Works of Science Fantasy / Fiction don’t usually require a huge amount of research when they are set ‘in a Galaxy far, far, away’. In fact all I had to do was think up a likely scenario, come up with some plausible names for planets, systems and people. And finish it off with some with some basic ship descriptions and action to keep the reader interested. Programs like Star Trek on the other hand, have consistently used projected developments of our current scientific understanding and theories to bring a degree of realism and continuity to their created future. I don’t know whether I did a good job or not of Sci-Fi – it probably wasn’t in an area that most of my readers interests lie but I do like to experiment.

So, my latest small piece of fiction was a step back in time to a period that some of my readers might recall. Some knowledge was essential as was a bit of research…

Peter – our hero for want of a better word – is a schoolboy catching the train to the nearby town of Hatfield. Presumably, therefore he is attending a Grammar School. The reference midway through to his short trousers is based on the fact that until the beginning of the 1960s schools required boys to wear shorts regardless of age. It was only in the 1960’s that schools at the Secondary level of education started to allow long trousers to be worn and different schools allowed this practice at different times. He still carries the traditional satchel – replaced by briefcases by the time I went to school and now in a slight reversal, replaced by backpacks (a satchel by any other name?).

The station is a small country halt at the start of the 1960’s before the slash and burn policies of the Beeching era destroyed such things and, in some cases, the rural communities surrounding them as well. It might be Wheathampstead or Harpenden East on the Welwyn to Luton branch. Such small stations were often run by a single person acting as Stationmaster, Signalman, Ticket Clerk and Telegrapher.

The horse drawn milk cart is not a figment of the imagination – some of these continued into the 1980’s in rural areas (often operated by a local farm) though in major cities the delivery of milk had long since become the province of the electric milk float or the ubiquitous Bedford CA.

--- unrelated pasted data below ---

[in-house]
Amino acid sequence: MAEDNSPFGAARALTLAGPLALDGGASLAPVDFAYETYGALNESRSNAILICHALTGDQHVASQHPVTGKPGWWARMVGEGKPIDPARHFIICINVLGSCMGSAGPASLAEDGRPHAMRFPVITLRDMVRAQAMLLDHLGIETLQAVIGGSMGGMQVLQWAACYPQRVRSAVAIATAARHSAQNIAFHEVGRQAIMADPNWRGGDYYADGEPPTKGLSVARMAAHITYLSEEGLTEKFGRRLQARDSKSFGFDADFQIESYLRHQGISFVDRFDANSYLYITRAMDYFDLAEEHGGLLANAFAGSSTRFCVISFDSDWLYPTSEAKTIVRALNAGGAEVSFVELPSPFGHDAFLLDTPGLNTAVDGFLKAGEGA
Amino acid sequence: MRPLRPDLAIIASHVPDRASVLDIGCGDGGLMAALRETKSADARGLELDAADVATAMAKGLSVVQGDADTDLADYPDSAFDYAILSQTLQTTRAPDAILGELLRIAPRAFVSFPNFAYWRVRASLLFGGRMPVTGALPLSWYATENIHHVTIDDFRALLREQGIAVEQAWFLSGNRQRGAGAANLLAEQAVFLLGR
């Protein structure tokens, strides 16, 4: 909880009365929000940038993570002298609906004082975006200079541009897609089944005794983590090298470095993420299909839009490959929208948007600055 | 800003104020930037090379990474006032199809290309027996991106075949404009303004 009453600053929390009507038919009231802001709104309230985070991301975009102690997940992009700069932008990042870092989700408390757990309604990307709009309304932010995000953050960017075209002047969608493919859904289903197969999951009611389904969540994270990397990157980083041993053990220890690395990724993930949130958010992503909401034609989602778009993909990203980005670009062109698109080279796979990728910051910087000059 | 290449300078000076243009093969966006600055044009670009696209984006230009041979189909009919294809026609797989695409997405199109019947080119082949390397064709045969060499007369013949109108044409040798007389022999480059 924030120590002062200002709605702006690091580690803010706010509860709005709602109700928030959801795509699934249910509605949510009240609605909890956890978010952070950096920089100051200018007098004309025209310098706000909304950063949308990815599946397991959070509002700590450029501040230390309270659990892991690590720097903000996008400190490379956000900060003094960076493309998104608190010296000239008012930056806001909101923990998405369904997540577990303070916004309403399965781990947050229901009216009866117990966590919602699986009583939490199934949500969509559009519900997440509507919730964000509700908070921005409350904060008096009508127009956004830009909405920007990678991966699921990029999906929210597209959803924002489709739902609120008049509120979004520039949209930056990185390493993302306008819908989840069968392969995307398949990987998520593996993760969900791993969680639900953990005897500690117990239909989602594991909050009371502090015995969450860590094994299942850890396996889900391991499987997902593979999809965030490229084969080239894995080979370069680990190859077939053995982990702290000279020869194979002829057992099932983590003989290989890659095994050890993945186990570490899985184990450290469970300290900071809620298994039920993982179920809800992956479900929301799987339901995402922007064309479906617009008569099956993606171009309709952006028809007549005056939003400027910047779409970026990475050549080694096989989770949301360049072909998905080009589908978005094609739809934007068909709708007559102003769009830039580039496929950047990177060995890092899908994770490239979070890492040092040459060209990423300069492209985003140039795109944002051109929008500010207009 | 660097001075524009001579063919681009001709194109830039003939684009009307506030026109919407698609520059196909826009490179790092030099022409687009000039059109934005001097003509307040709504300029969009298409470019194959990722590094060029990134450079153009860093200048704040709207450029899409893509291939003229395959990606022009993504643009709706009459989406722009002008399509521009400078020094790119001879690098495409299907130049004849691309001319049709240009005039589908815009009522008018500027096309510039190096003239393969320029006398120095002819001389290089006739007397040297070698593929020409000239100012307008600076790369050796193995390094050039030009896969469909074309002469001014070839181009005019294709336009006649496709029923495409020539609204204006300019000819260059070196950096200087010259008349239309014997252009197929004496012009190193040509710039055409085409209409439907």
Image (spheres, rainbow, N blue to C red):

Peter had hoped to see the local goods. Most branch lines were served by a pick-up goods train that started at a set time but fitted in between other services on the line as it collected wagons along the route. Its arrival time became less predictable the further along the route it travelled as the amount of goods to be collected varied from one day to the next. In this instant the goods must have been asked to wait to allow the passenger train to pass – passenger services being required to run to time. The days of wagonload freight were numbered by the early 1960’s and as such loads shifted to the roads the pick-up goods died out. In future the railways would concentrate on bulk cargoes.

The arrival of a diesel on the train was a sign of the times. The English Electric Type 1’s were the first of the mainline locomotives ordered under the modernisation plan to enter service – the first was delivered in 1958. They were also to prove to be one of the most reliable and a few are still running, albeit in a refurbished form, on our main lines today! This is the one part of the story drawn from direct personal experience. When I was around 5 years old during a family picnic at Hadley Woods I saw one of these locomotives come out of the tunnel there, pushing smoke from a preceding steam train before it. It left a lasting impression.

The lack of heating on the train was a common issue on local rush hour services in the 1960’s from Kings Cross. As skilled steam locomotive crews became scarce and maintenance quality dropped, diesels often were called upon to do jobs that they weren’t intended for. The English Electric Type 1’s were supposed to be freight only, used on local trips like the American Switcher locomotives. But, when nothing else is available, needs must. The loss of skilled steam crews, withdrawal of steam locomotives and unreliability of other diesel locomotive types more suited to passenger services that were introduced in the rush to get rid of steam, often saw the English Electric Type 1’s, which had no ability to heat trains, used on suburban services just so that the passengers could be got home. Ironically, in the late 1970’s through to the mid 1980’s the then Class 20’s were often used in the height of summer for Saturday services from the midlands to the seaside resort of Skegness, drawing a heady mix of holiday makers and railway enthusiasts 😉

Peter’s travels to Hatfield would switch to the bus or car in 1965 when the line closed to passengers on 24th April. The last train was, fittingly, hauled by EE Type 1 D8046.

English Electric Type 1's at Bescot
English Electric Type 1’s (Class 20’s) at Bescot, slogging away at their real job – hauling freight in 1982!